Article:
Tuesday, July 23, 2013

Book review: Setting the Scene

The following book review was originally published in Technical Communication, Volume 60, Number 1, February 2013, the quarterly magazine for The Society for Technical Communications.

Setting the Scene: The Art and Evolution of Animation Layout
Fraser MacLean. 2011. San Francisco, CA: Chronicle Books. [ISBN 978-0-8118-6987-4. 270 pages, including index. US$60.00.]

Setting the Scene: The Art and Evolution of Animation Layout is a detailed history of layout in animation. MacLean writes with obvious passion and love for the animation industry and layout in particular. I was thoroughly entertained as I peered behind the scenes of beloved animated movies.

Some of MacLean’s passion gets away and the details begin to overwhelm someone with no history in animation. He writes, “Usually drawn in red pencil with the wording in bold capitals, …camera guides indicated what the required fielding (or aspect ratio) of the scene was, where the N/S, E/W (North/South, East/West), and START and END (first frame and last frame) positions were for any requested moves” (p. 43). It begins to make my head spin trying to imagine the work he describes with the cameras.

The book also has many passionate quotes from leaders in the animation industry. MacLean interviewed those he could and the mentees of those he couldn’t. They all sound just as passionate as his writing. You can flip to nearly any page in the book to find one. In discussing lighting in computer-animated movies compared to physical lighting, he quotes Pixar Director of Photography Sharon Calahan saying “If you really want that bounce light there, you have to add it, you don’t get that for free” (p. 198).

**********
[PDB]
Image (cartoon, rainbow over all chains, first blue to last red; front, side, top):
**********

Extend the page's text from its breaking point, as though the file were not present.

However, it does not include the theory of layout design. Some discussion of theory comes about as part of the process of the evolution of layout design, but none of the theories are discussed in detail. This book may aid you in thinking about how to lay out videos that are more fun, but I didn’t read anything that would apply to training videos for software. For example, MacLean points out “how important it is for scenic design to make its impact at the unconscious level” (p. 31).

Setting the Scene also, importantly, includes many spectacular pictures. Again, you can flip to any page in the book and come across beautiful art. These inspiring examples of layout are all described in a caption that lets you look at the movie snapshot under a new light, examining why they decided to lay out a scene the way they did. MacLean describes a background painting by Tom O’Loughlin as “heightened perspective and strong diagonal compositions are used in these Sylvester and Speedy Gonzales backgrounds to help emphasize the contrast in scale between the cat in charge of the gigantic ship and the tiny mice” (p. 130).

If you are lucky enough to create videos, video games, or even photos with humor and heart as part of your technical writing, this book might provide a new way to think about your visual layout approach. As a software technical writer, I did not find any information to apply to my work as much as I enjoyed it.

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